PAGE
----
Text and Photos by Ben McCanna
It was an unlikely location for a professional bowling tournament.
Bayside Bowl is a hip, vibrant spot within an otherwise ramshackle neighborhood — a largely abandoned zone where the City of Portland stashes piles of snow amid crumbling, industrial infrastructure.
Bowling is clearly implied in Bayside Bowl’s name, but the establishment isn’t exactly synonymous with the sport. It’s the kind of bowling alley that places equal (if not greater) priority on quality food, craft beers and raucous nightlife. So it was a surprising choice for a world-class bowling event.
But it was also a good choice.
The nightlife atmosphere that so often permeates Bayside Bowl was on full display Sunday afternoon during a final showdown between the elite rollers of the Professional Bowling Association. In other words, it was a party.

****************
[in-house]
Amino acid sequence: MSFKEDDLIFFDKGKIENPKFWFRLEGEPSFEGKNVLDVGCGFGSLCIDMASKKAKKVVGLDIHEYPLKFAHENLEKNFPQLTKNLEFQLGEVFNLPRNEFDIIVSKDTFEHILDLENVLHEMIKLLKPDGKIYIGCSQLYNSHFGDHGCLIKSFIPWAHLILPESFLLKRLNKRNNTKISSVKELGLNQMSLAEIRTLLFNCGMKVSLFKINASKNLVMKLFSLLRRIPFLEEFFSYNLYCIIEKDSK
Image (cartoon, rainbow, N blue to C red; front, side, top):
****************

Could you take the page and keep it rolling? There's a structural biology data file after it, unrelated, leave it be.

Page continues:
A crowd of about 200 ticket holders took roost on sets of risers and cheered wildly after each strike and spare. Some wore costumes. Some held signs. Others spilled beer. Everyone was cheering. And it was time for me to go to work.
Luckily, I was in my element.
A self-employed photographer can sometimes feel like an unemployed photographer. Last summer, when I took the plunge into freelancing, I knew there would be peaks and troughs. It was inevitable that I might go a week or more without any assignments whatsoever, and that feast-or-famine lifestyle was a potential career killer. Every successful photojournalist will tell you that the key to success is making photos every day. So, in order to ensure regular work, I started a concert photography blog called Post Mortem.
The blog, aside from being a terrific hobby, kept me shooting on the days between sports or news assignments. It kept my skills sharp, but it also taught me how to be nimble in a crowd; how to courteously (but fearlessly) weave in and out of tightly packed bodies that are all straining to witness the same action.
More importantly, it taught me that the audience is often the most compelling part of an event.
So, when I waded into the crowd at Bayside Bowl (on behalf of The Forecaster), I knew I had to inject a little bit of rock ‘n’ roll into what was ostensibly a sports assignment. To tell the whole story, the circus-like atmosphere had to be evident in every frame.